Americans Prove They’ve Got a Long Way to Go When It Comes to Taking Care of Their Teeth
How much do you know about oral hygiene? Odds are, not much. After 1,500 people took the American Dental Association's first oral health quiz, their overall grade was a dismal 'D.'
The ADA says that although we should only brush our teeth twice a day, nine out of 10 adults thought brushing after every meal is necessary. They also thought flossing twice a week was sufficient, while the ADA recommends doing it daily.
In addition, two-thirds thought replacing their toothbrush twice a year was fine, but the ADA says we should do that every three or four months. And fully three-quarters of people didn't know when a child should first visit a dentist (the official recommendation is six months after the first baby tooth appears or no later than the child's first birthday).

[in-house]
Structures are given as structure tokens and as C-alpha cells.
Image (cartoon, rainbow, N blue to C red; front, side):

Thanks to all those sugarless gum ads, 81 percent of respondents mistakenly thought sugar causes cavities, when it's really germs in the mouth that feed on sugar that do the trick. And did you know cavity-causing germs can be passed from person to person? More than half of those who took the quiz didn't.
"The results of the survey were quite shocking and really show how important it is for people to become more involved in their own oral health," said William R. Calnon, D.D.S., ADA president and a practicing dentist in Rochester, NY.
Want to learn more? Visit the ADA's new website, MouthHealthy.org.